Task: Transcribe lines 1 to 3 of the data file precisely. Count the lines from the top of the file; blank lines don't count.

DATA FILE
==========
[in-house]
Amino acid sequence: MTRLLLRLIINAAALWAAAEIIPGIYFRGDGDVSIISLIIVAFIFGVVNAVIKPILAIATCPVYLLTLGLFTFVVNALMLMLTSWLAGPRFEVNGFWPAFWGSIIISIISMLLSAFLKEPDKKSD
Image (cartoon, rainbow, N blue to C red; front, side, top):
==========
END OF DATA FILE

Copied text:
[in-house]
Amino acid sequence: MTRLLLRLIINAAALWAAAEIIPGIYFRGDGDVSIISLIIVAFIFGVVNAVIKPILAIATCPVYLLTLGLFTFVVNALMLMLTSWLAGPRFEVNGFWPAFWGSIIISIISMLLSAFLKEPDKKSD
Image (cartoon, rainbow, N blue to C red; front, side, top):